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French DPA investigates a massive health data leak: Practical implications for businesses

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Belgium

At the end of February, the French DPA ("CNIL") was informed by the press of a massive security breach, involving health data of about 500 000 patients. While all the details of this security incident are yet to be fully investigated by the CNIL, this article informs you of the latest information regarding this data breach and explains what practical steps you can take to avoid (or at least mitigate) the risks of security incidents from a data protection law perspective.
 
1. Why is this health data leak particularly serious?

The CNIL was made aware by the press of a serious data breach involving the health data of approximately 500 000 patients. It appears that the file that contained the patients' data had circulated freely on at least one forum referenced by search engines.

In particular, the press announced that the following personal data had been leaked:
  • Patients' names and their contact details (postal address, telephone, e-mail),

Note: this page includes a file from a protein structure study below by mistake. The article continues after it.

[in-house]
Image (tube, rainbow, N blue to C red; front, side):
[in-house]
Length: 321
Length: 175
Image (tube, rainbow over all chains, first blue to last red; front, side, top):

• Patients' social security numbers (SSN), which the CNIL considers to be "highly personal data".
  • Health data: such as blood group, the doctor treating the patient, comments about the patient's health condition (including possible pregnancy), drug treatments or pathologies (in particular HIV).
The data controllers involved in this leak are medical analysis laboratories, although the CNIL has not publicly disclosed the identity of these companies. According to the preliminary findings, this breach appears to be "of a particularly large and serious scale".

Following a referral from the CNIL, the Paris Court of Justice has asked Internet Service Providers (ISPs) to block access to a site hosting the file at issue last Thursday. The CNIL, which has already carried out three checks on this data leakage, is continuing its investigation.

2. What actions should data controllers take in such a situation?

The GDPR requires data controllers to notify the competent data protection authority within 72 hours of becoming aware of a personal data breach. In addition, to the extent that the breach is also likely to create a 'high risk' to the data subjects' rights and freedoms, the controller(s) must also inform those data subjects about the breach.

Based on the press releases, the likeliness of the high sensitivity of the health data in question and the fact that they have been made publicly available on the Internet in a significant quantity, implies that this data breach most probably required a double notification to the CNIL and the data subjects.

At the time when the CNIL first commented publicly on this information (24th February), it confirmed that it had not received any notification from the data controllers. This week, the CNIL published a second statement on its website, confirming that it has now been duly notified of the breach, and that the data subjects will soon be notified.